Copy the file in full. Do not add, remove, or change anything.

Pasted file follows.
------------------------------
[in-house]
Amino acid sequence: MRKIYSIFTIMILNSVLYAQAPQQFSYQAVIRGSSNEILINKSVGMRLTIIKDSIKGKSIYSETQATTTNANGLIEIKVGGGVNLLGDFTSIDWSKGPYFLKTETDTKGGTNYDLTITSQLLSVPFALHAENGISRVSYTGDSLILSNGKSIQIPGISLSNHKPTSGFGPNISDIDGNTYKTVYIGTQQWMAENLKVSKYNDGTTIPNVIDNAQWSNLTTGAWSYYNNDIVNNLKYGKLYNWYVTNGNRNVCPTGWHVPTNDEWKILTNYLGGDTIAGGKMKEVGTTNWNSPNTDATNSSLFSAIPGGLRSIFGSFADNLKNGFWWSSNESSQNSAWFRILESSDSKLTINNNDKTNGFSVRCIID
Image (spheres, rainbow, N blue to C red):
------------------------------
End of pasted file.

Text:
[in-house]
Amino acid sequence: MRKIYSIFTIMILNSVLYAQAPQQFSYQAVIRGSSNEILINKSVGMRLTIIKDSIKGKSIYSETQATTTNANGLIEIKVGGGVNLLGDFTSIDWSKGPYFLKTETDTKGGTNYDLTITSQLLSVPFALHAENGISRVSYTGDSLILSNGKSIQIPGISLSNHKPTSGFGPNISDIDGNTYKTVYIGTQQWMAENLKVSKYNDGTTIPNVIDNAQWSNLTTGAWSYYNNDIVNNLKYGKLYNWYVTNGNRNVCPTGWHVPTNDEWKILTNYLGGDTIAGGKMKEVGTTNWNSPNTDATNSSLFSAIPGGLRSIFGSFADNLKNGFWWSSNESSQNSAWFRILESSDSKLTINNNDKTNGFSVRCIID
Image (spheres, rainbow, N blue to C red):